It’s seven PM and I am at the Royal Festival Hall to see St Etienne launch their film This
is Tomorrow. Three seats away from me is Billy Brag, the singer and two seats away is Victoria Wood, the comedienne. The music score for the film is live. The stage filled with fifty (check) singers from local schools and a full orchestra also from schools. St Etienne are within the orchestra and a mammoth film screen is suspended above. The correlation between live music and film is picture and pitch perfect. The production alone is a statement on the new acoustic of the Royal Festival Hall which was previously
despised by performers for its bad acoustic. The actual film was more conventional in its than I expected. However throughout the viewing I experienced rushes of pride that this would be my home for the next year.
It’s also the beginning of the London Literature Festival run by acting Head of Literature. The Purcell Room is packed to the rafters. It’s the fortieth anniversary of Mersey Sound by The Liverpool Poets Brian Patten and Roger McGough and the late Adrian Henri. Mersey Sound was the first book of poetry I received, given to me by the deputy head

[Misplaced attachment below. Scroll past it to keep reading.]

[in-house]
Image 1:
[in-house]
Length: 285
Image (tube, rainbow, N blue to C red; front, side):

of my secondary school Leigh C of E. Though I know and like Roger and Brian and bought their book I chose to go to St Etienne as I know I will see both the poets again. I buy both their books as a concession.
It’s nineteen years since my first book was released and it’s also the launch of my poem on the wall of the festival hall too. It’s a poem (recorded in a previous blog) that is written on to the wall of The Festival Hall in Brilliant Light. It’s called Bullet In. At 7pm I ask the
acting Head what time the poem is going up. “I don’t know” comes the reply. It’s not the first time I have asked the question over the past week and it’s not the first time I have received the same reply. At 11.30pm while I am at home I receive a message from the acting head of literature “it’s up now”. Exasperated I reply in text from my bed “Brilliant. Literally”.